I’m a total fairy tale geek. I’ve always loved fairy tales—Disney films, gorgeously illustrated children’s books, modern retellings, clever novelizations, you name it.
In college, I realized that if I combined a Cultural Anthropology major focusing on folktales with my Literature major with a focus on literature from a variety of cultures, I could actually study fairy tales academically.
I continued with this cross-disciplinary approach with my MS in Education, which focused on how we use children’s literature to socialize each generation of kids.
So fairy tales might seem like sweet (maybe even saccharine) kids’ stories to many, but to me they’re an integral part of the world around us. (Or folk tales—the distinction between fairy and folk tales is a definitional argument that I will happily have with you over a glass of wine sometime, but for now please accept “fairy tale” in its broadest possible sense.)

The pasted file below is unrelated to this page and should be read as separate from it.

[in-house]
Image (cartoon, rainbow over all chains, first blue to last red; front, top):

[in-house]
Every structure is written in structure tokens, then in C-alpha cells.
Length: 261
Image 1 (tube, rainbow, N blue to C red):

The ways that the fairy tales (and other stories) of a culture or a time are told reflect the things that are important to that culture or time. In exchange, as these stories are often used to implicitly—and sometimes explicitly—teach children (and others) about their current and future roles in society, fairy tales help influence the things that are important to a culture or time.
Yeah. I’ll stop here before I get going too fast and can’t stop at all. Like I said, I’m a fairy tale geek.
So it’s with much excitement that I’m participating in Fairy Tale Fortnight this year. At Reads 4 Tweens I’ll be reviewing as many fairy tale books as I possibly can (I’m aiming for 10 in these two weeks—I think I can pull it off). I’ll also have some posts about different things pertaining to fairy tales, including two interviews with fairy tale author Jocelyn Koehler. I intend to cross post some of those things here.
This also seems like a perfect way to celebrate the first birthday of Reads 4 Tweens! I hope you’ll check it out, and I hope you find it even half as fun as I will.